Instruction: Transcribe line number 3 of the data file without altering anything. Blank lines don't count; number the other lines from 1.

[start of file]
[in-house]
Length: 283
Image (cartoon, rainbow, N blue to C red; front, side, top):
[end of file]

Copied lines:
Image (cartoon, rainbow, N blue to C red; front, side, top):